Blu-ray Review Flicka: Country Pride Blu-ray Review

Discussion in 'Blu-ray and UHD' started by Matt Hough, Apr 27, 2012.

  1. Matt Hough

    Matt Hough Executive Producer
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    A genuinely sweet and well-meaning but completely by-the-numbers family drama, Flicka: Country Pride marks the second made-for-home video sequel to the original 2006 feature film featuring the amazing wonder horse Flicka with a new family to bring her special brand of magic into. This G-rated saga of a family struggling with debts and treachery doesn’t offer a single surprise, but it’s more than competently acted, has some lyrical moments of beauty involving the various horses connected to the story, and leaves one with a buoyant heart when it’s over thereby accomplishing exactly what it set out to do.



    Flicka: Country Pride (Blu-ray)
    Directed by Michael Damian

    Studio: 20th Century Fox
    Year: 2012
    Aspect Ratio: 1.78:1   1080p   AVC codec  
    Running Time: 92 minutes
    Rating: G
    Audio: DTS-HD Master Audio 5.1 English; Dolby Digital 5.1 French
    Subtitles: SDH, Spanish, French

    Region: A
    MSRP: $ 29.99


    Release Date: May 1, 2012

    Review Date: April 27, 2012




    The Film

    2.5/5


    With her family’s Cheery Creek Ranch on the verge of closing, Lindy (Lisa Hartman Black) and her daughter Kelly (Kacey Rohl) don’t want to face the prospect of losing everything. Into their lives comes Toby (Clint Black), a new short term stable manager who’s boarding five of his horses including the remarkable mustang Flicka at Cherry Creek while his ranch is being repaired. About the only tenants left in the stables are the Meyers family whose eldest daughter Stephanie (Siobhan Williams) is a champion equestrian competitor representing Cherry Creek in various competitions. But this year the team is one member short, so Kelly’s school friend and fellow equestrian contestant Briggs (Max Lloyd-Jones) convinces her to rejoin the team after having given it up when her father died. When she agrees, Stephanie’s jealousy over losing the spotlight to Kelly and possibly losing Briggs as a boy friend drives her to leave the team and take Cherry Creek’s trainer with her to a new equestrian club. Now Kelly and Briggs will have to find two more riders and a trainer to make up a team that can compete in the contest and hopefully score well enough to bring new horses and riders to Cherry Creek.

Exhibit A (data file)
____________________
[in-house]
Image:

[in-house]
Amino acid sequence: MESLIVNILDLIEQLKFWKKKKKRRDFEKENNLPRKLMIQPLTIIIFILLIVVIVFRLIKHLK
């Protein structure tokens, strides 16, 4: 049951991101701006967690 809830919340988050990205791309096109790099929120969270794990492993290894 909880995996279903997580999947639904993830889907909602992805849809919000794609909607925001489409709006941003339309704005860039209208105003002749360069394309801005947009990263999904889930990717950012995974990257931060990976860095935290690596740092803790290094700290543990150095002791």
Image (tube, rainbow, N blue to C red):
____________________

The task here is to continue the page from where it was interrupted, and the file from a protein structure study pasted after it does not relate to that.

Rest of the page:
Jen Robinson’s screenplay contains every possible plot line you’d expect from a competition movie of this type: a series of catastrophes that the family must endure and still keep their hopes up, romances for both mother and daughter (chaste to be sure, but there nevertheless), montages of training with the horses, and, of course, the climactic competition where it comes down to the final rider (Kelly) to determine the outcome of the contest. Director Michael Damian has done nice work editing together shots of his stars riding and below the saddle shots of the stunt doubles doing all of the difficult aspects of the competition. For those who know nothing about equestrian competition, the film does a good job explaining the rudiments of its three components: dressage, cross country, and show jumping, and the eventual thirteen-minute sequence of the contest, while not seat-gripping, keeps things tight and moving. Of course, the usual mean girl/bullying stereotypes are firmly in place. Children who are gawky or different are scorned by the rich and beautiful Stephanie, and she makes sure Kelly’s magical night at a dance ends in disaster for her thus making her character’s instant psychological reversal at the end all the more poorly handled and dramatically inept.